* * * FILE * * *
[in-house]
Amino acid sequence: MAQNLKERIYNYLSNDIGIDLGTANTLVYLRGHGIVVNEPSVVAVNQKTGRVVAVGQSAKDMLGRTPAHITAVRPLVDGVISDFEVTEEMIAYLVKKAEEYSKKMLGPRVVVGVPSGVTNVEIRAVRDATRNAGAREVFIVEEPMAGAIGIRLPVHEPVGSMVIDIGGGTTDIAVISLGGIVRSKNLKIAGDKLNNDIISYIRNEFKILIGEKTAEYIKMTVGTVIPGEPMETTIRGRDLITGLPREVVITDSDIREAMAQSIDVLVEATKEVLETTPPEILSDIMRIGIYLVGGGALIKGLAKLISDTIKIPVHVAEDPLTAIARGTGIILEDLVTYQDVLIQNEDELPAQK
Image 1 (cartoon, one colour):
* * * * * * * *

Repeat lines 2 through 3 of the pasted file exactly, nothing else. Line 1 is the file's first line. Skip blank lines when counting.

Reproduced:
Amino acid sequence: MAQNLKERIYNYLSNDIGIDLGTANTLVYLRGHGIVVNEPSVVAVNQKTGRVVAVGQSAKDMLGRTPAHITAVRPLVDGVISDFEVTEEMIAYLVKKAEEYSKKMLGPRVVVGVPSGVTNVEIRAVRDATRNAGAREVFIVEEPMAGAIGIRLPVHEPVGSMVIDIGGGTTDIAVISLGGIVRSKNLKIAGDKLNNDIISYIRNEFKILIGEKTAEYIKMTVGTVIPGEPMETTIRGRDLITGLPREVVITDSDIREAMAQSIDVLVEATKEVLETTPPEILSDIMRIGIYLVGGGALIKGLAKLISDTIKIPVHVAEDPLTAIARGTGIILEDLVTYQDVLIQNEDELPAQK
Image 1 (cartoon, one colour):